As you move through the home buying process, one item you will come across is a home inspection. Many people wonder if this is a necessary expense, and if it is worth it as the buyer. What happens if you decide to skip a home inspection? What are the risks and rewards of completing and passing on this service? Here are the important facts you should know about home inspections if you are a future home buyer.

Are home inspections mandatory?

A home inspection is not a requirement to buy a home in Ontario. You might remember that during the busiest real estate periods throughout the pandemic, buyers were often passing on home inspections. This was because the market moved so quickly that buyers felt they didn’t have time to wait on inspection results if they wanted sellers to accept their offers. As a result, lots of Canadians moved into houses with the hope that they wouldn’t encounter any issues. 

At the end of the day, the decision to get or skip a home inspection rests with the buyer. However, it is highly recommended that buyers complete an inspection. Although many buyers may feel like this is an extra cost they can avoid during the purchasing process, the potential costs of NOT getting an inspection can be much higher. 

What can an inspection uncover?

Home inspections uncover any issues with the property that might impact its safety, or the sale itself. An inspector will examine the home from top to bottom, including things such as the foundation and plumbing, roofing, electricity, and air conditioning and heating. They will ensure everything is in working order, and that nothing is malfunctioning, broken, or dangerous. For example, if the roof has a leak, or there is asbestos in the ceiling, these are things an inspector will uncover. As the buyer, you will want to know about these items before you complete the purchase! You should be aware of any potential safety concerns or damages in your potential future property. 

Keep in mind that an inspector is not the same as an appraiser. A home appraisal evaluates the property’s value as a whole, while an inspection examines specific functions within the home. The results of an inspection can influence a home’s value, but its main purpose is to inform the buyer of potential safety or functionality issues.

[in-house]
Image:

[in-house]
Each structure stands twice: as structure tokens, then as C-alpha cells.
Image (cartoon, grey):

What are the benefits?

A home inspection has two major advantages for the buyer. First, of course, it uncovers any safety problems that could pose a danger to residents. Things like black mold, faulty electrical wiring, or a weak foundation can all cause serious damage if they aren’t discovered. Buyers have peace of mind knowing their new home is completely safe and up to date on any necessary repairs. Second, a home inspection can save the buyer a lot of money! If major problems are revealed, the buyer has two options. They can either negotiate with the seller to cover the costs of repairs before closing on the purchase, or they can walk away from the sale entirely. In both cases, the buyer is not held responsible for paying for any fixes. If the buyer wants to complete the purchase, they can try to arrange for the seller to cover some or all of the expenses.

What are the risks of passing on an inspection?

The dangers of skipping an inspection can be expensive, and even dangerous. For one, a buyer may end up purchasing a home that poses a risk to their health or safety. For example, a house that has black mold in the attic can cause long-term damage to a person’s body. If the residents are unaware of this issue, they are unable to protect themselves against it. Apart from the physical dangers are the financial ones. If a home buyer chooses not to get a home inspection, they are on the hook for any issues that arise after the completion of the sale. Imagine purchasing a home, and one month later discovering the entire roof needs to be replaced. You are responsible for covering those costs. While passing on an inspection can save you some money in the short-term, down the line it can cost you thousands of dollars or more.

We always recommend completing a home inspection when purchasing a new house. While it is not a requirement, and it comes with an upfront cost, it saves the buyer stress and money long-term. There are several options in terms of inspection companies you can use, and you can do some research before setting an inspection date. This process puts you one step closer to owning your dream home, with the confidence that you are buying a safe property.

If you have any questions about your mortgage, get in touch with me!